It makes his legs itch abominably, like sleeping in a nest of spiders, but the view is terrific, an impossible bowl of blue skies and the ground spread out below like an apron. And silence — he can’t remember a quieter day. Too quiet, really; he leans far too far out of the basket, locks his eyes on the ground unrolling beneath him, but it’s not enough, the spiders are dug deep, and for all the hundreds of miles the wind is carrying him he can’t stay still, paces the narrow basket endlessly, trying to stay ahead of that impatient Aramaic commandment.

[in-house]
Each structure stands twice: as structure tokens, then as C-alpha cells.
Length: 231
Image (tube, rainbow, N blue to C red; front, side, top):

An incredible view, though. He wonders if they’re running after him still and laughs and laughs. Conscience is a long-dead beast in his soul; he’s been too much in the wild places, eaten too many rocks in hick villages to feel he owes anything to anybody, and what’s a balloon anyway but an acre of oiled silk and a lot of hot air? You can’t own the air.

Eventually the wind starts to carry him out to sea, and he takes the quick trip down to the rocks. The pain is tremendous, and when he pulls himself together enough to care about his surroundings again he’s somewhere on the far side of the Sahara, but it was worth it. A hell of a view, absolutely unprecedented.